Sunday, April 16, 2006

Life is short; Easter is long.

After a lengthy three days at home with my children, I have come to the startling conclusion that my children are a lot like my relatives. Only younger. I mean, it's uncanny how much they remind me of my family. Not my in-laws--the family I grew up with. As in, my bothers and sisters. Or even (she added, looking around nervously) my mother. Who was not nicknamed "The Witch of Chestnut Hill, Massachusetts" for nothing.1

Not that my children really act like mother (thank God) except for being able to get on my last nerve and make me completely crazy ... but this weekend has reminded me of what I don't like about holidays with my family:

1. The non-stop talking about subjects that bore me comatose.
2. The fighting.
3. The utter lack of gratitude for my extreme thoughtfulness.
4. The television and/or Nintendo being on ALL THE TIME unless I put my foot down, but when I do that, the reaction, if verbalized, would translate to: "I'm bored; play with me. Right now. No, I don't care that you're elbow-deep in soap suds washing millions of dishes. I said now, woman!"
5. The almost constant eating and drinking and making messes in the kitchen. By lunch time today, I was ready to hand out K-rations for Easter dinner.
6. The non-stop talking. Yes, I know I already mentioned it. But it's a constant.

This does not mean I don't love my children. The whole time they are boring me comatose, I'm wishing they'd shut up about Pita Lion or Kitty City and just let me poke them in their cute little tummies or count the freckles on their noses or whatever. Instead, I have to listen to the long, involved adventures of their fictional characters. They both make up wildly elaborate imaginary worlds derived from popular children's entertainment, like Harry Potter or Wallace and Gromit or The Winx Club ... but with all kinds of levels and tournaments, a la Pokemon, in the case of the boy, and ridiculous numbers of characters and relationships, a la the Bratz, in the case of the girl, and I can't possibly keep it all straight. I've tried, and that way madness lies.

So honestly ... I can't wait to pack them off to school tomorrow. They go on and on and on. I can't imagine where they get that from.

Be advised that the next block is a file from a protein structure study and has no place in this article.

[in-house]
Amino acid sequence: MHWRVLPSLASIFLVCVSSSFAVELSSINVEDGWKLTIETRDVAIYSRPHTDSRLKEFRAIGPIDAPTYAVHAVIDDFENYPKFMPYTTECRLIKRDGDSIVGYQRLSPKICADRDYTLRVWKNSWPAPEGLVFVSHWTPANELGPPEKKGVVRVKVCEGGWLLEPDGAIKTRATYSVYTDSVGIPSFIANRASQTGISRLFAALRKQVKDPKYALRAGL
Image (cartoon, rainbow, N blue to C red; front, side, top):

1 Three guesses as to who came up with that one.

4 comments:

  1. Having recently suffered (and by "suffered" I mean tried very hard to look interested while struggling to keep my eyes from rolling into the back of my head) through a 20-minute explication of a skiing adventure my son had, complete with names of, ratings of (blue, green or black) and descriptions of each and every run involved in this adventure, I feel your pain.

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  2. So true, so true.
    And my mother states, with much satisfaction and a glow in her eye, "Yes, darling. Just like YOU at that age. In fact, you were much more, ah, imaginative and talkative." And she gloats!
    And if you give a bored "Uh huh" kind of I'm-trying-to-fool-you-that-I'm-listening kind of reply, they nail you! "Did you understand me, Mommy?!" and then re-tell it, s-l-o-w-e-r this time so that their poor, befuddled mommy will understand this life-changing story they must invent and tell.

    I find that inviting a newcomer into the dinner avoids the tried and true but trite tales from being retold. And limiting the available alcohol helps with the banality too (can you tell I do not drink?).

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  3. I thought the version of the descriptive you devised merely RHYMED with that.

    -J.

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  4. Imaginary worlds are great. I got a couple going on right now. Wait... how many? Okay, this could get schizophrenic.

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Gentle Readers:

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xxx, Poppy.